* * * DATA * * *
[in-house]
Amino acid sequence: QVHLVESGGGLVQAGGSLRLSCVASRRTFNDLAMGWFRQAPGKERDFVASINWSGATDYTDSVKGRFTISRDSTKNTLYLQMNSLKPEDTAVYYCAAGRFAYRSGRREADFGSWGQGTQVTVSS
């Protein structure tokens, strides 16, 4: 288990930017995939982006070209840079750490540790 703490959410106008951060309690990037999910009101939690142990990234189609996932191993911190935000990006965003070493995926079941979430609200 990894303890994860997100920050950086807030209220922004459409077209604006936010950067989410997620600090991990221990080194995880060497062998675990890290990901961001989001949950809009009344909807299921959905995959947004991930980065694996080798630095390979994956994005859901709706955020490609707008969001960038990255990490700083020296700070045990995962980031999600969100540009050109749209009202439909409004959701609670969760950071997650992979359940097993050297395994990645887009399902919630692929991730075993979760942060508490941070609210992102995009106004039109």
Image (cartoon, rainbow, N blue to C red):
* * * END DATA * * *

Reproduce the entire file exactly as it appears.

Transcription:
[in-house]
Amino acid sequence: QVHLVESGGGLVQAGGSLRLSCVASRRTFNDLAMGWFRQAPGKERDFVASINWSGATDYTDSVKGRFTISRDSTKNTLYLQMNSLKPEDTAVYYCAAGRFAYRSGRREADFGSWGQGTQVTVSS
């Protein structure tokens, strides 16, 4: 288990930017995939982006070209840079750490540790 703490959410106008951060309690990037999910009101939690142990990234189609996932191993911190935000990006965003070493995926079941979430609200 990894303890994860997100920050950086807030209220922004459409077209604006936010950067989410997620600090991990221990080194995880060497062998675990890290990901961001989001949950809009009344909807299921959905995959947004991930980065694996080798630095390979994956994005859901709706955020490609707008969001960038990255990490700083020296700070045990995962980031999600969100540009050109749209009202439909409004959701609670969760950071997650992979359940097993050297395994990645887009399902919630692929991730075993979760942060508490941070609210992102995009106004039109």
Image (cartoon, rainbow, N blue to C red):